Of all the letters I have received as author of this column—and I am fortunate to get a ton of them—two of the most sobering came from a couple of readers who are single. “
Publications and websites talk to their readers as if they are always married,” writes Vic Linares. “Never do articles address retirees who are single and how they cope.” John Scholtz observes that “you may be taking away a huge part of your social life when you retire. Keeping in touch with former workmates will endure for only one coffee off-campus.”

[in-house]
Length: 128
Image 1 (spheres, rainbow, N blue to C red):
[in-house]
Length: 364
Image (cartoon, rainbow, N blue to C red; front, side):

Mr. Linares and Mr. Scholtz, you may be solo, but you are not alone. In a study by Age Wave and Bank of America Merrill Lynch, preretirees said that what they expect to miss most when they leave work is a reliable income. But what retirees actually miss most are their social connections.
That’s not surprising, says Ken Dychtwald, CEO of Age Wave. “You’re at the peak of your career, answering phone calls and e-mail, going to meetings,” he says. “Suddenly, all that stimulation is gone.” Without a spouse or other family members on the scene, it can be an even bigger shock.
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